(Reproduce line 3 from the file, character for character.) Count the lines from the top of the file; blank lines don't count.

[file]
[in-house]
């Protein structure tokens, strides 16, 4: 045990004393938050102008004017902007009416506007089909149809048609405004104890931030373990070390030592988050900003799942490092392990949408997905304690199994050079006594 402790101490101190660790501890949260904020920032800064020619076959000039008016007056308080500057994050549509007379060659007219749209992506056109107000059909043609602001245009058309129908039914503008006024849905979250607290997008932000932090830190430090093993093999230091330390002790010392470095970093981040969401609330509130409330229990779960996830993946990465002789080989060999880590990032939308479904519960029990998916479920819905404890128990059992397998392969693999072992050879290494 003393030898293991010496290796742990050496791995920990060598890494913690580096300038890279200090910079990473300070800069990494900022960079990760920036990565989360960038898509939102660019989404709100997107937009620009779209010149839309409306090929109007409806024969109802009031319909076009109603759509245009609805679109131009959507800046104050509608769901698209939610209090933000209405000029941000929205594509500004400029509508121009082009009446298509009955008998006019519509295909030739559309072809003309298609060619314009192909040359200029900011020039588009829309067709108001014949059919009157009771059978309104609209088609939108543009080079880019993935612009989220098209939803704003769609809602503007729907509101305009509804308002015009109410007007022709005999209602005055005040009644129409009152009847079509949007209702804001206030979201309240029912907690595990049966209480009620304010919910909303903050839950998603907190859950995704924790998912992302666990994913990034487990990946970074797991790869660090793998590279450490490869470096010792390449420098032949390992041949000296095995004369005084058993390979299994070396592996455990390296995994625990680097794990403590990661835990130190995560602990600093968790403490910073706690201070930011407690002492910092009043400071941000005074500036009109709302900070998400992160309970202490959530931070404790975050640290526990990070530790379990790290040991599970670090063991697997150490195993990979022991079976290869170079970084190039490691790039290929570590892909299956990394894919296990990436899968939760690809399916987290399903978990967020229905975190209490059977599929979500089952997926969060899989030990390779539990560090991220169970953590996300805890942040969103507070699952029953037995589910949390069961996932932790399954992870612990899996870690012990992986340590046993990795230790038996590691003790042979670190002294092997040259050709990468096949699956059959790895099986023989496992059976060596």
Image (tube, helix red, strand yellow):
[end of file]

Image (tube, helix red, strand yellow):